In my final year of university, I took a mandatory course on business sustainability. As a business major, I found this course was quite boring because of its slow pace. However, our final project influenced me in such a tremendous way that I eventually decided to join MEDA’s work as an intern at its Myanmar office.
The project in Myanmar was on the unsustainable nature of the global cocoa market. Chocolate prices had skyrocketed in recent years due to a depleting supply of cocoa around the world. This was due to the inequalities of the value chain. A value chain is a multi-step process where value it added to a product at every stage of production. Most of the world’s cocoa is produced in the Ivory Coast and Ghana where farmers earn low wages on very small pockets of land. As a result of having so little cocoa to sell at a time, farmers have little power in the negotiation process of their crops and receive a lot less money than they deserve. More powerful intermediaries, such as transporters, processors and multi-national cocoa organizations, end up with more than 97% of the money made from selling the actual chocolates. As a result of such inequalities, cocoa farmers are forced to abandon their trade in exchange for jobs that pay more. This could result in the end of cocoa and chocolate as we know it.
The more I learned about the cocoa trade the more uneasy I felt. Farmers have the most laborious and, arguably, risky, job compared to the other players of the value chain, and to think that they earned the least was bewildering. Upon doing some quick googling on other markets, such as coffee and tea production, I realized that these inequalities were equally prevalent in other markets as well. Similar injustices are present in the coffee bean, coffee, tea and palm oil industries. I started doing research to see if anyone is trying to fix these issues and sure enough, I found MEDA.
Through connecting with various alumni working in the sustainability sector, I applied for an internship with MEDA to join their “Improving Market Opportunities for Women” project in Myanmar. The project is a five-year plan aimed at helping rural women to have better access to agricultural markets. This includes connecting women to sources of credit, empowering them to have more say in farming decisions, teaching them better farming strategies, and more. As excited as I am about the project itself, I wasn’t able to find much information on Myanmar.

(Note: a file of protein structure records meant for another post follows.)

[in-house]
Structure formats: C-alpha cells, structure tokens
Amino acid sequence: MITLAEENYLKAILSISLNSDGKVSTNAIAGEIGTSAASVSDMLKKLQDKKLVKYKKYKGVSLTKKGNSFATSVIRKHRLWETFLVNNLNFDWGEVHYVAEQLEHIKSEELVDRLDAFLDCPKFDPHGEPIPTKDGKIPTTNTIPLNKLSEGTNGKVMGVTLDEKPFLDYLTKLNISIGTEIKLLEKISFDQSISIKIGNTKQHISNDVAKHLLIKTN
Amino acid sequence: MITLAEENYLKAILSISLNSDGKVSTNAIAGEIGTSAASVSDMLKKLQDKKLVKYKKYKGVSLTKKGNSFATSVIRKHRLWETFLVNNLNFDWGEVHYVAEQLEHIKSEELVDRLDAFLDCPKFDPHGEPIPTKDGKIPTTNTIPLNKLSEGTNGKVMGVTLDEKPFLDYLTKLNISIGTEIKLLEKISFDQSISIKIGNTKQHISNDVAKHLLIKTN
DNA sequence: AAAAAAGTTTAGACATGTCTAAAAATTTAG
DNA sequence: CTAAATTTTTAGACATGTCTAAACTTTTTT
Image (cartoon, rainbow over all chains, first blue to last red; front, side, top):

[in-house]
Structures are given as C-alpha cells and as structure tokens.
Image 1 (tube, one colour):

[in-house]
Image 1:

Though Myanmar’s a country rich in natural resources, its political situation makes the nation sensitive to change. After being conquered by the British, then Japanese, and then the British again, Myanmar finally became independent. Shortly after gaining independence, its newly elected democratic government was overturned in a military coup. It was then controlled by a somewhat -socialist military dictatorship which resulted in many human rights atrocities and complete economic isolation from the rest of the world for the next twenty years.
Recently, my BBC World Service app started popping up with articles on Burma and its political reform. Their very first functional, democratic government is led by none other than the revolutionary, Aung Sun Su Kyi. All of a sudden there’s an influx of foreign direct investment, of excitement around the country, and most importantly, of hope.
As I’m starting to get nauseous on this 18 hour flight to this unknown world, I’m hoping that this trip would not only be step back in time, but also, a once in a lifetime experience to witness a change in history.